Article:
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Volume 686: debated on Wednesday 8 November 2006

asked Her Majesty's Government:

Whether they have made an estimate of the numbers of premature deaths each week during the past five years caused by air pollution, and in particular air pollution caused by road traffic.[HL8086]

The numbers of premature deaths attributed to air pollution are not routinely estimated on a weekly basis. It is not possible to identify individual patients affected by air pollution. The link between air pollution and deaths brought forward is derived from statistical correlations between daily air pollution levels and routine daily statistics on total deaths.

Air pollution is associated with adverse health effects. An assessment carried out for the review of the air quality strategy1 estimated that the level of man-made particulate air pollution experienced in the UK in 2005 would be expected to reduce average life expectancy by up to about eight months. This health impact in 2005 is estimated to cost up to £9 billionto £21.4 billion per annum. Road transport will contribute to these effects.

Ozone and particulate matter are long-range pollutants which may travel hundreds of miles before reaching the UK. Particulate matter does have a local component, and local road transport contributes a proportion of this. For ozone, local road transport emissions actually reduce peak levels in cities due to the destruction of ozone in reaction with vehicle emissions.

The Department of Health's Committee on Medical Effects of Air Pollutants (COMEAP) quantification sub-group, in its report The quantification of the effects of air pollution on health in the United Kingdom, estimated in 19982 the number of deaths brought forward due to short-term exposure to particulate matter (PM10), ozone and sulphur dioxide as up to 24,000 per year.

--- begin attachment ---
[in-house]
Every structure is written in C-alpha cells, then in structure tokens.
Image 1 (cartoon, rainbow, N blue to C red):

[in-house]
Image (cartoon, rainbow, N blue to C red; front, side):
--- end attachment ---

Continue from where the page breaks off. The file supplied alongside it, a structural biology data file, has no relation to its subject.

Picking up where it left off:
Assuming that around a quarter of the PM103 in urban areas is due directly or indirectly to emissions from transport, as a rough estimate it can be assumed that up to around 2,000 deaths brought forward in urban areas may have been related to emissions from transport at that time.

This estimate does not include the impact of transport emissions on life expectancy and on cardiovascular admissions. These were not quantified by COMEAP at the time of the 1998 report. Further work on this issue is likely to be considered as part of the work of the COMEAP sub-group on quantification.

Estimates are made for intense pollutionepisodes. For example, an estimate was made for the summer smog episode in August 20034. Some 220 to 570 deaths were estimated to have been brought forward over the two-week period due to ozone and a further 202 due to particulate matter (PM10). A report and estimate is also being produced on the summer smog episodes during the June and July 2006 heatwave. This will be available in due course.

1 Defra (2006) The Air Quality Strategy for England, Scotland, Wales and Northern Ireland—volume 1. A consultation document for further improvements in air quality.

2 Based on pollution levels in 1996. Pollution levels have reduced substantially since then.

3 This includes PM10 derived directly from road, rail, aircraft and ships and PM10 derived indirectly from NOx transport emissions from the UK and Europe. It excludes sources such as coarse dust, sea salt, and emissions from industry.

4 Stedman, J.R., (2003) The predicted number of air pollution related deaths in the UK during the August 2003 heatwave. Atmospheric Environment.